Building Back Better with Hydrogen
It's Earth Day 2021 and President Biden's Leaders Summit on Climate has kicked off, which makes it a good time to think about a cleaner future. The United States is setting its gaze on net-zero emissions -- and will measure the proposals in the Biden Administration's American Jobs Plan to leverage hydrogen as a method to help decarbonize our economy.
Investments in US infrastructure and workforce will be key to unlocking a more sustainable and equitable future for all Americans. And we agree that hydrogen technologies are an essential part of achieving emissions reduction goals and a more sustainable economy. They are part of how we will continue to "Build Back Better." With the right policies, we can ensure that the US does not fall behind globally when it comes to hydrogen technology.
"Hydrogen can enable large-scale, efficient renewable energy integration into the nation's power grids. It can also decarbonize important sectors like infrastructure, transportation, building heating, and utilize the nation's existing pipeline infrastructure for distribution."
Already available technologies allow hydrogen storage, use, and energy transport while generating low or no carbon footprint. As the most abundant element in the universe, all 50 states have the ability to produce hydrogen by a variety of domestic fuel sources, including hydrocarbons, biomass, water, wind, nuclear, and solar. Because of these and additional unique properties, hydrogen can enable large-scale, efficient renewable energy integration into the nation's power grids. It can also decarbonize important sectors like infrastructure, transportation, building heating, and utilize the nation's existing pipeline infrastructure for distribution.
While many industries stand to gain from the use of hydrogen technologies, the transportation sector, in particular, is perhaps the most advanced. Fuel cell electric vehicles (FCEVs), which run on hydrogen and emit only water, can significantly reduce transportation-related emissions, which account for 28% of all US greenhouse gas emissions. This technology allows vehicles to refuel in minutes rather than hours and is already being used in passenger cars, trucks, busses, forklifts, and other vehicles. It has the potential to revolutionize the way we move around the world with efforts being made to deploy hydrogen as a shipping fuel.
Today, hydrogen is the only zero-emission technology capable of producing the extreme heat necessary for the production of cement, steel, glass, and other industrial materials, making it the ideal energy and storage mechanism to help meet the decarbonization needs of those and other energy-intensive industries. In the power sector, hydrogen can put the US on the path to net-zero emissions while strengthening the nation's grid system.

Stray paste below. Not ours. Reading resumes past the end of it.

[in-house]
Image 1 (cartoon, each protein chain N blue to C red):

Already, hydrogen is enabling utilities across the country to harness wind, solar, and other renewable energy sources and incorporate it at scale into the power grid. And when faced with unpredictable weather events, hydrogen will be critical to strengthening the nation's grid system. In fact, fuel cell technologies are already being used by hospitals and other essential services to act as a primary and backup fuel source. Such technologies allow healthcare workers to continue life-saving operations during hurricanes, rolling blackouts, and other emergencies.
"Hydrogen production, manufacturing, fueling, and other end-uses, will accelerate additional hydrogen-related job growth ... One recent study ... found that hydrogen could be more than $130 billion domestic business by 2030 and create 3.4 million US jobs by 2050."
In addition to the climate benefits, accelerating the adoption of hydrogen solutions and related infrastructure across the US will create new, well-paying jobs and help build a resilient economy. Hydrogen production, manufacturing, fueling, and other end-uses, will accelerate additional hydrogen-related job growth down the value chain. As the nation is called to solve some of the biggest and most complex problems of our generation, hydrogen will be a key domestic resource to address climate change and bolster our economy. One recent study from McKinsey & Company found that hydrogen could be more than $130 billion domestic business by 2030 and create 3.4 million US jobs by 2050.
The federal government must continue prioritizing climate policies and establish a clear strategy for hydrogen investment through mass-scale infrastructure, development, and deployment. Equality in our energy system is an important element of a more equitable society. We believe hydrogen technology is key to addressing environmental inequalities, creating jobs, and helping communities that have been, and continue to be, on the front lines of climate change. The United States has the unique opportunity to take a leadership role in the development and integration of hydrogen-related technologies and create a more sustainable and just future for all Americans.